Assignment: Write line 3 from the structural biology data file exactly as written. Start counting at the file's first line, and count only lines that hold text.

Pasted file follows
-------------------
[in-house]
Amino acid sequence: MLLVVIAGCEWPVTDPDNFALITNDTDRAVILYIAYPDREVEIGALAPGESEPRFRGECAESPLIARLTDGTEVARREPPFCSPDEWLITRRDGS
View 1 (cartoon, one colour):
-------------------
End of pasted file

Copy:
View 1 (cartoon, one colour):